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Chilly Weather Portends Changes Ahead

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RALEIGH — North Carolinians got a chilly wake up callSaturday morning. With a temperature in the Triangle area only ninedegrees above freezing (and even lower in the mountains), everyone wasreminded that winter is indeed on its way.

This season, however, will be different for some victims of HurricaneFran. North Carolinians who were toughing it out in their damaged homes -- despite smashed roofs, buckled walls or even radiators torn off theirsupports -- have had to find other living arrangements. In the typicalhot weather of an early Southern fall, it was possible to make do withsleeping bags or electric blankets. But 41 degrees necessitates a change.

Other Tar Heels are calling their fuel oil dealers, arranging for thefirst deliveries of the season. And, while the companies can bring thefuel at any time, a cold snap sets their phones ringingwith requests.

Autumn brings pumpkins and chrysanthemums, but homeowners know it'sabout time to close up the garden. Tomato plants and other spentvegetation needs to be removed. A layer of mulch will help hosta anddahlia tubers (for the brave who leave them in-ground over winter) getthrough the cold weather.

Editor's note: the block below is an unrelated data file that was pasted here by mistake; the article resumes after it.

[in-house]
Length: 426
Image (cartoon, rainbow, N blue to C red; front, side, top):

Bulbs will be bought and planted, and in thisregion they can usually be planted as late as Thanksgiving.Spring-flowering bulbs such as crocus, iris danfordiae, hyacinths, daffodils, tulips, grape hyacinths and pushkinia need to be planted nowfor bloom in 1997. They need the time under ground to send out sturdyroots.

At the first serious frost, everyone needs to be prepared for thecollapse of impatiens, geraniums and verbena, and for the blackening ofdahliafoliage. Impatiens are annuals but may return again next year if they havehurled enough seed around the yard. And the dahlias will return fromtheir tuber base, unless they get frozen over winter.

One nice aspect of autumn is that it's time to plant pansies. Thisflower has been greatly improved through hybridizing, so that colors arebright and the petals can be enormous. North Carolinians plant them nowand enjoy their late fall bloom. When temperatures get bitter, thepansy leaves may look iced up, but as soon as the first hint of warmertemperatures arrives they are ready to bloom again. It's not unusual forthem to bloom from October to June, with a time-out for ice and snow.

Oh, by the way -- do you know where your snow shovel is?

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